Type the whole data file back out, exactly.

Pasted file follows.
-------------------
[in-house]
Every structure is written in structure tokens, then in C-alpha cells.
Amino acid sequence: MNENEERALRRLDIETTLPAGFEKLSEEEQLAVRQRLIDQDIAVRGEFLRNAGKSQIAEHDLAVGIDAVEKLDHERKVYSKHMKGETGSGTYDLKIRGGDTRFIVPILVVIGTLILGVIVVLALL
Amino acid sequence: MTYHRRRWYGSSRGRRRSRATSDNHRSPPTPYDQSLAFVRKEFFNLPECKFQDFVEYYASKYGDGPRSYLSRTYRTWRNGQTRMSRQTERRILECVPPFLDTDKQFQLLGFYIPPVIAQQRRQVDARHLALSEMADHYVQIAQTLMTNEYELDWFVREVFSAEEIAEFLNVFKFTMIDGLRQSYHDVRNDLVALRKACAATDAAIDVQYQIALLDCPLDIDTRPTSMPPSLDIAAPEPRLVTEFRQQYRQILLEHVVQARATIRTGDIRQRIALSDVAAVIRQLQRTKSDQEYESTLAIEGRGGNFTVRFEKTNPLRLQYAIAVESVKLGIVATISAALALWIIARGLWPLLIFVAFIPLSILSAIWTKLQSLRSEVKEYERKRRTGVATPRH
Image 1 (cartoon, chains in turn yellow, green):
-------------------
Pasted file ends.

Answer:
[in-house]
Every structure is written in structure tokens, then in C-alpha cells.
Amino acid sequence: MNENEERALRRLDIETTLPAGFEKLSEEEQLAVRQRLIDQDIAVRGEFLRNAGKSQIAEHDLAVGIDAVEKLDHERKVYSKHMKGETGSGTYDLKIRGGDTRFIVPILVVIGTLILGVIVVLALL
Amino acid sequence: MTYHRRRWYGSSRGRRRSRATSDNHRSPPTPYDQSLAFVRKEFFNLPECKFQDFVEYYASKYGDGPRSYLSRTYRTWRNGQTRMSRQTERRILECVPPFLDTDKQFQLLGFYIPPVIAQQRRQVDARHLALSEMADHYVQIAQTLMTNEYELDWFVREVFSAEEIAEFLNVFKFTMIDGLRQSYHDVRNDLVALRKACAATDAAIDVQYQIALLDCPLDIDTRPTSMPPSLDIAAPEPRLVTEFRQQYRQILLEHVVQARATIRTGDIRQRIALSDVAAVIRQLQRTKSDQEYESTLAIEGRGGNFTVRFEKTNPLRLQYAIAVESVKLGIVATISAALALWIIARGLWPLLIFVAFIPLSILSAIWTKLQSLRSEVKEYERKRRTGVATPRH
Image 1 (cartoon, chains in turn yellow, green):